When the Chinese were using opium in small doses at the beginning of the 19th century, it was viewed as a drug to treat minor ailments like dysentery and as a novelty for a small percentage of the elite.
No one foresaw that 25% of the male adult population would be addicted by the end of the century, despite successive emperors’ efforts to limit or ban its use. It was not some belief that opium was beneficial to society that drove its increased consumption, but rather Great Britain’s drive to generate hard currency to pay for its growing trade deficit with China. The Chinese never intended opium to form a notorious part of its culture; it was more forced upon them through incredibly easy access, first from British imports and then through domestic cultivation. Today, few would advocate the harsh policies used to expunge Chinese opium addiction over the 20th century, including prison camps and forced labor. Yet, it took the firm commitment of the Chinese government and three generations to achieve such an outcome.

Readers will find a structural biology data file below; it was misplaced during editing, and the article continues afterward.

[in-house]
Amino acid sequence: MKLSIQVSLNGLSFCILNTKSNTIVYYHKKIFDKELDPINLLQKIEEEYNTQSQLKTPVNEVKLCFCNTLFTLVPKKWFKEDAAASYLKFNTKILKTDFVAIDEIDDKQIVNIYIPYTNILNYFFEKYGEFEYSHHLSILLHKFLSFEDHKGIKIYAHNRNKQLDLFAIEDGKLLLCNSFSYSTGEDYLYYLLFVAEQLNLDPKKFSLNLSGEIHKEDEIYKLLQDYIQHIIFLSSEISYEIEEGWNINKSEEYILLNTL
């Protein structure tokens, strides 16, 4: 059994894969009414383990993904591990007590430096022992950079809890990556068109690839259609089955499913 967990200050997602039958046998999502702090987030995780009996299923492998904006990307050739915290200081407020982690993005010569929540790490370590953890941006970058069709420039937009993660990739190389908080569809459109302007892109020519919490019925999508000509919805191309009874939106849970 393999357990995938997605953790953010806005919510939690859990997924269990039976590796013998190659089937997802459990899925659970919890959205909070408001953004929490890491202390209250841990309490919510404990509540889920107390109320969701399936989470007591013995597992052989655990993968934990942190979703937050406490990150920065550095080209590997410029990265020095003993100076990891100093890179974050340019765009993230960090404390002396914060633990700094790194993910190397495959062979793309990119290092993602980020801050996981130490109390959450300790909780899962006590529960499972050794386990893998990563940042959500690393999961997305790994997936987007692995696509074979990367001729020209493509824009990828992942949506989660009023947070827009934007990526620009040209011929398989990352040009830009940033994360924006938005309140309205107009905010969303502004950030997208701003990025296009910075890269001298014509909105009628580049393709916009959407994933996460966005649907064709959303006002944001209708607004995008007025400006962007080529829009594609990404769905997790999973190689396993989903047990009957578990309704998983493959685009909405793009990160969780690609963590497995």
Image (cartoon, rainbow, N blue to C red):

During the same time, a negligible number of Americans were smoking opium, brought over primarily from Chinese immigrants who helped build America’s railroads. However, it was the drug’s recently discovered derivative of morphine —used in mass quantities to treat wounded Civil War soldiers— that produced the U.S.’s first drug addiction epidemic. The recent discovery of the hypodermic needle further facilitated its administration. Society accepted the drug for legitimate medical purposes, although its subsequent misuse use for women’s ailments would prove controversial after its highly addictive properties became evident.
Morphine would continue to be used as the main palliative for acute pain up until this day. The drug was not used for used for recreational purposes, but the search for a less addictive derivative led to the discovery of heroin in 1874, which paradoxically turned out to be both more potent and addictive, becoming one of the most dangerously used recreational drugs ever since.